Sit In This Spot If You're Worried About Getting Motion Sickness During Your Flight

Though airplane travel is the most efficient way to get to your dream destination, it may not be the natural favorite for anyone prone to motion sickness at 30,000 feet, especially during bouts of turbulence. The good news is, not all seats are created equal. In fact, there's one zone where you're less likely to experience a bumpy ride: the front of the economy section — roughly seats 10 to 30 on popular aircrafts like a Boeing 737.


For all those first-class lovers out there, there's a scientific reason why economy fliers fare a bit better in this case. Dr. Quay Snyder, the president of the Aviation Medicine Advisory Service told Condé Nast Traveler that these are the rows fixed above the wings of an aircraft, which is well-known as the most stable part of the plane.

A commercial pilot named Jonny Knowlson (a.k.a. "Jonny the Pilot," if you follow him on social media) seconds this notion in an interview with the Daily Mail. He has found that sitting above the wings means that you're less likely to feel the full effects of the natural movements of an airplane, like the lift up, thrust forward, torque, gravity, and drag. Your stomach will be pleased.


How to pick the best seat in the house

For the friendliest skies, book an early morning departure, as you're less likely to face turbulence, explained former Qantas pilot Trevor Aldous to Delicious. Also, book with an airline where you can pick your seat. Simply pull up the seating chart and find the wings, then choose accordingly. The ideal zone will change depending on the aircraft. While rows 12 to 25 are located above the wings on a Boeing 737, the sweet spot shifts to rows 28 through 41 on a Boeing 747. From there, a window seat is best so you can keep your eyes on the horizon. After all, motion sickness is caused by conflicting information between your eyes and inner ears, so looking out the window can help settle your senses.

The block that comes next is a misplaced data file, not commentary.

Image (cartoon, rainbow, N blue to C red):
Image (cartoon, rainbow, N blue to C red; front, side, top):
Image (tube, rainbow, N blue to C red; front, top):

For passengers on a budget, an airline like Southwest with an open seating policy might make the most sense. In that case, notify a flight attendant that you're prone to motion sickness. They may be able to reseat you without much hassle. If your budget is less of an issue, the front of the plane (i.e., first class) is also a stable area, with plenty of amenities to distract you from feeling ill. The only time you might experience a little chop is during a rough landing — but hey, at least you're on the ground, right? Whatever you decide, just avoid sitting at the tail end. Those are the worst rows of the plane for sensitive fliers, as the bouncing is more intense.

Tips for reducing symptoms of motion sickness

Sometimes, no matter which seat you book, nausea can still rear its ugly head. And unlike seasickness on a cruise, you can't disembark or open a window for some fresh air. If you're part of the one in three people who get motion sickness while traveling, per the National Library of Medicine, take a few extra steps to assuage your symptoms.


First, skip the books and movies, as they may make you feel worse. Instead, fix your gaze on the horizon outside the window or shut your eyes and listen to an audiobook or calming music on your headphones. Anxiety exacerbates motion sickness, so dig into some self-soothing techniques. Some cool air from the vent can feel refreshing, as can meditation or deep breathing. A 2020 randomized control trial published in Complementary Therapies in Clinical Practice found that hospital patients who did breathing exercises reported less nausea than the control group. If you can score a whole row to yourself, lay down and try to get some sleep.

Certain teas can help, too. Ask a flight attendant for peppermint tea or bring some in your carry-on, as a 2021 study in the Journal of Holistic Nursing suggests the scent of peppermint can calm an upset stomach. Researchers have reached similar conclusions about ginger-infused products, as noted in a 2019 meta-analysis in the journal Food Science & Nutrition. Most importantly, stay hydrated with small sips and remind yourself that this is temporary. You'll be back on the ground soon.